Studying in Kingston, Canada: the country of the Maple Leaf

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Mooses as large as cars, walls of snow growing meters high and endless nature. This were the stories that my family from Canada told me when they came to the Netherlands a few years ago. They wanted to see where we live, what we do in daily life and what we enjoy most. These stories motivated me to find an opportunity where I could go to Canada for a longer period, to experience these things for myself. At the beginning of my third year of my bachelor at Tilburg University, I had the opportunity to study abroad for a semester. This was the perfect opportunity for me to go to the other side of the world. After doing some research at universities in Canada, I ended up at the Smith School of Business, which is part of Queen’s University, in Kingston.

Smith School of Business

The Smith School of Business is part of Queen’s University in Kingston. Approximately 35,000 students from 100 countries study at this university. They have an academic history dating back to the year 1841 and they are considered to be one of the best universities in Canada. As a result, only the best and most motivated students in Canada are allowed to study here. In order to be admitted to this school, students must have a minimum average grade of a nine and be active in various areas outside of their studies. This was an opportunity for me to measure myself against the most motivated and intelligent students in Canada. Especially the group projects and discussions were very interesting because the students here did not settle for a six, but wanted to get the most out of it. The lectures lasted an hour and a half without a break and the lecture hall contains about 40 people. The lessons consist of one hour covering the theory and then there is a joint discussion or assignment. This way of teaching is considerably more interactive than I am used to from the lectures in Tilburg. At the beginning I had to get used to it and in hindsight I see the great value of sharing your own opinion on the subject and discussing it with others. In my opinion the level of theory is a bit lower than the level in Tilburg, but there is more emphasis on interaction between students and how you communicate certain things. An example is thinking about the design of PowerPoints and presentation skills.

Canada the country of the Maple Leaf

Canada is the country of the Maple Leaf. You will find the symbol everywhere, reaching from the national flag to every kitchen table in the shape of a small bottle of Maple Syrup. Canada is the second largest country in the world but has a population of less than 38 million. The biggest difference with the Netherlands is the availability of space and the amount of nature in the country. What first struck me is how social the people in Canada are. Just like any exchange student in the beginning of the exchange period, it was hard for me to find where I had to go and what I needed. As soon as people realized that I was not from Canada, they immediately came to me without thinking any further. They started by default with the sentence “Welcome to Canada” and this indicated to me how social the people are, no matter where you come from. I also noticed that everything in Canada is just a little bit larger than in Europe. The cars, buildings and the portion sizes of the food you order are all one size larger. Furthermore, Canada is a diverse country, you have cities habiting millions of people and where there’s always something to do, but you also have several parks where you can go to escape the crowds. Here you can camp, canoe and enjoy nature. You have to take into account that in some parks you do not even have mobile reach. I spent most of my exchange in the town of Kingston. This is between the two extremes, you have a lively center with plenty of nice restaurants and cafes, but on the other hand, you have several parks in the area where you can go hiking and retreat. In short, there is something for everyone and there is so much to do and see that four months is actually not enough.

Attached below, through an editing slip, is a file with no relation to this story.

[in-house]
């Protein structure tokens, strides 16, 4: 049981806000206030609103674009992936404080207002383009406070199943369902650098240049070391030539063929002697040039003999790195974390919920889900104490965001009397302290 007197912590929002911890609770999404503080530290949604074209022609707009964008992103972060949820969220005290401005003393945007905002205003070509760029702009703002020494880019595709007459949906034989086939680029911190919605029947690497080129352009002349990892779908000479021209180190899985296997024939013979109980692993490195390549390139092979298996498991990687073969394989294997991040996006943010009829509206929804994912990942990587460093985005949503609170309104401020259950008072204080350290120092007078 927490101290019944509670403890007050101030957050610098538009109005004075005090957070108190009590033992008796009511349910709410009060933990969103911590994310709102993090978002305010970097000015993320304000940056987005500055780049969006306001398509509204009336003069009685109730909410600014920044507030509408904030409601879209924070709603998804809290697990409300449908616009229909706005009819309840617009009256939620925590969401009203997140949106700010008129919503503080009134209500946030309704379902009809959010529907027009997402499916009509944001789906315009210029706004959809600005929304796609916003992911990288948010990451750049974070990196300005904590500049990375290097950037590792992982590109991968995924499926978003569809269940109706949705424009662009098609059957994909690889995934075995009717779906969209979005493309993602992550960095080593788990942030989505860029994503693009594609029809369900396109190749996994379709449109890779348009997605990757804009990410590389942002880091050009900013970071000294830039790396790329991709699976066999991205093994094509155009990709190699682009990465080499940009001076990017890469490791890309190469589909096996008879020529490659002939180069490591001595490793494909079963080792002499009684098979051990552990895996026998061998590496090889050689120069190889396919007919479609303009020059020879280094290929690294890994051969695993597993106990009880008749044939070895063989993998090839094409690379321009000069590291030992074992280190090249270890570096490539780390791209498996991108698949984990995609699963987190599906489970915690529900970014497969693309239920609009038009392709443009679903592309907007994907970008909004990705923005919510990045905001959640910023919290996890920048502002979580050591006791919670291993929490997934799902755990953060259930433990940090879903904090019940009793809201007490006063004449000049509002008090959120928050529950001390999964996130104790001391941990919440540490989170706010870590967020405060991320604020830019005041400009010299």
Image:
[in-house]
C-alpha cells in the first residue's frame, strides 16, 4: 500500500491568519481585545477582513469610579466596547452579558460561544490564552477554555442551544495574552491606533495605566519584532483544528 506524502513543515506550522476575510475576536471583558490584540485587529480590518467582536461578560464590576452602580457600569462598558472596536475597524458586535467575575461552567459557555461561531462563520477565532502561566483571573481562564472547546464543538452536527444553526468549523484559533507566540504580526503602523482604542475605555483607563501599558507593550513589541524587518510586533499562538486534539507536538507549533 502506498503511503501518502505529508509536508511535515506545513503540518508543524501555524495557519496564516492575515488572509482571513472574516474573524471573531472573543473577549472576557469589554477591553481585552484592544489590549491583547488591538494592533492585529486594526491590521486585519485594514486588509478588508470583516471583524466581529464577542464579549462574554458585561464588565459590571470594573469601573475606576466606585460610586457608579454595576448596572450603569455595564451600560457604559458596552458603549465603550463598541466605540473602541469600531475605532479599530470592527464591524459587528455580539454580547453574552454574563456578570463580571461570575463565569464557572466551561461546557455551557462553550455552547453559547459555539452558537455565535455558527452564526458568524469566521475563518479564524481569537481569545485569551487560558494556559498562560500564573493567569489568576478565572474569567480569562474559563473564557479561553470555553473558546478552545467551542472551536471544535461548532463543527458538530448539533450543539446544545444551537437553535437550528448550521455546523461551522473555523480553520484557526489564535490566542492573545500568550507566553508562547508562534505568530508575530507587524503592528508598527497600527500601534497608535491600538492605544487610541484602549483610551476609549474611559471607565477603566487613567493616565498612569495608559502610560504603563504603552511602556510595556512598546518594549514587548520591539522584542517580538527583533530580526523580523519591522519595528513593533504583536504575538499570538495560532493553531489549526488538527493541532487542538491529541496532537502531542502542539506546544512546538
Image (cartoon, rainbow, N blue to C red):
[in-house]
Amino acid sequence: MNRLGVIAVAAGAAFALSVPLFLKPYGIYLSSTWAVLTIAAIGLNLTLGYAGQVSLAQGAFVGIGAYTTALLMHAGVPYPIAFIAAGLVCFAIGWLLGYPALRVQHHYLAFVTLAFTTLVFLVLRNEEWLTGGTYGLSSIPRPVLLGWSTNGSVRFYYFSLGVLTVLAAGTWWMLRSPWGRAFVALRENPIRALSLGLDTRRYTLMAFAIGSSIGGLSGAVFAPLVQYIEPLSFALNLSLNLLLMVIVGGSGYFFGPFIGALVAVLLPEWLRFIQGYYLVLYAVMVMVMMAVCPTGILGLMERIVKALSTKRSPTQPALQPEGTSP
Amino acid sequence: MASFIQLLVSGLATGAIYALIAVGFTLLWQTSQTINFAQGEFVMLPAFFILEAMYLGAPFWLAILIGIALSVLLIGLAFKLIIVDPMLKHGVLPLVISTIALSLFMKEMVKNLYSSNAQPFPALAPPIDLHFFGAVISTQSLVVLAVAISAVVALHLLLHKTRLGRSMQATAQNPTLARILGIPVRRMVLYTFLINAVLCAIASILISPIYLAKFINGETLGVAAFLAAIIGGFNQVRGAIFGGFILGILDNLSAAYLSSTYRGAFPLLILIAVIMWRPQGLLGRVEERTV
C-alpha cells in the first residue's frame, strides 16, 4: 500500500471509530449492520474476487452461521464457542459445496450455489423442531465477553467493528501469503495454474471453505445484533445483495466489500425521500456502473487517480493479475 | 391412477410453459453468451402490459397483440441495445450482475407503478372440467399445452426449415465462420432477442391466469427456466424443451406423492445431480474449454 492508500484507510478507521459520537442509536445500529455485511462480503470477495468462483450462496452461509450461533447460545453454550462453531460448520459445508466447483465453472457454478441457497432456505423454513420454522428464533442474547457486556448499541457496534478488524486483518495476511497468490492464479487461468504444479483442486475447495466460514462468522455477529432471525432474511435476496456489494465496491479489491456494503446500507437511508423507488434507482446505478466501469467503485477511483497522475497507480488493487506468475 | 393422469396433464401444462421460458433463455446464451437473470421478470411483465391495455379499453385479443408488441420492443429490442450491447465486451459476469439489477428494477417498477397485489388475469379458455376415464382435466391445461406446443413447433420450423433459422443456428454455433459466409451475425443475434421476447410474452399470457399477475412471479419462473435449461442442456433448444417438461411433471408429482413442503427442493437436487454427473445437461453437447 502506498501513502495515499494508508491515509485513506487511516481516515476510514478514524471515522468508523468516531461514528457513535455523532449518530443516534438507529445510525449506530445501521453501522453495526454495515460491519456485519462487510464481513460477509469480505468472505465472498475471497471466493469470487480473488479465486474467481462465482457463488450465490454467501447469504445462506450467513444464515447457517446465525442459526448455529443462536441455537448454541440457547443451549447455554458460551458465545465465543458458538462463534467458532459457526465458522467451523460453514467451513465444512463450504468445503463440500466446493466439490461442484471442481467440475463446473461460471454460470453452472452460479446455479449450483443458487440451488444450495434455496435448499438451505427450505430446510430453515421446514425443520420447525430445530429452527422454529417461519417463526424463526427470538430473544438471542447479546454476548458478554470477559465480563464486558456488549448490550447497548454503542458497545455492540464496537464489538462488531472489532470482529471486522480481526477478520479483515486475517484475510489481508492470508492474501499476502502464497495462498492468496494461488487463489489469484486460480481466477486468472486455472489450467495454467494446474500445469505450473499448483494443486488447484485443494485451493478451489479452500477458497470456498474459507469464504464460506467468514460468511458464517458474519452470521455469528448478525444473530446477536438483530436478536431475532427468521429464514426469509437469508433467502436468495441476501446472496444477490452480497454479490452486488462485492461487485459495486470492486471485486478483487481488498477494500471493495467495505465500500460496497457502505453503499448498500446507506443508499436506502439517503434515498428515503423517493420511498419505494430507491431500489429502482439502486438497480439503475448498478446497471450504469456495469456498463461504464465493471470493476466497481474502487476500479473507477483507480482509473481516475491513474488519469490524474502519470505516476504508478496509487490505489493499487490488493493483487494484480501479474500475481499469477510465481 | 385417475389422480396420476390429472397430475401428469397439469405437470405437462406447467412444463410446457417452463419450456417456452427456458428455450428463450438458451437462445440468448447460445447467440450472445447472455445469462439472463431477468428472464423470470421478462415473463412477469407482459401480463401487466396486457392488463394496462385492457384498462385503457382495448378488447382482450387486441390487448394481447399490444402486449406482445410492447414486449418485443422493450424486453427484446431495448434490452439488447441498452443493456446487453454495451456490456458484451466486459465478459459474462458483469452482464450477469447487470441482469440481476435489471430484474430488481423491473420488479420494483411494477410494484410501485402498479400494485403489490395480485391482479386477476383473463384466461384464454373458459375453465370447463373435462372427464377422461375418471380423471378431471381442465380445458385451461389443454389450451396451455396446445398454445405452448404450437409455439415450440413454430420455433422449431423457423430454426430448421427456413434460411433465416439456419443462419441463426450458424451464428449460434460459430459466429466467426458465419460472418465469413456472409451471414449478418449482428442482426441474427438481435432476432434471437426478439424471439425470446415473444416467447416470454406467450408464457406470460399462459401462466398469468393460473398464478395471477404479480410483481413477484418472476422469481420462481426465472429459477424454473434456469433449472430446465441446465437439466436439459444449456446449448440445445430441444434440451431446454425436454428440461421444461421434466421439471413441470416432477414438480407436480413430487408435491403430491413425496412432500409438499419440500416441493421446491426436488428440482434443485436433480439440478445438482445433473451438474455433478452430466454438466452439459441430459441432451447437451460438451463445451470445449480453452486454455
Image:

“For me, the biggest difference with our own cultures was the degree of empathy and nationalism in everyday life.”

A worldwide network

The most important take away from my exchange are the contacts I have made all over the world and the experiences with different cultures. Besides the fact that I have been able to work together with several Canadian students, I have also been able to work together with other exchange students from all continents. This gave me a chance to learn from the other cultures and prepare myself for working with others in the future. In addition to discussions and assignments, I was also able to do fun things with these people, such as having dinners, partying and making weekend trips to surrounding cities. This way we could explore the country together and get acquainted with Canadian culture. For us, the biggest difference with our own cultures was the degree of empathy and nationalism in everyday life. From saying “sorry” no matter who is to blame, to Canadian flags that were everywhere.

Hard work but an amazing experience

My exchange semester was amazing and I enjoyed every aspect of it. Even though it was hard work and exciting at times, I was able to learn a lot. I think it is rather important for every single one to look beyond the Netherlands and our situation here. In a world that is constantly changing and where the relative distance is getting smaller and smaller, you have to be able to work with everyone. Furthermore, it provides you with the opportunity to go out and meet loads of new people. I will take my experiences with me for the rest of my life and I can recommend everyone who gets the opportunity to go on an exchange to grab it!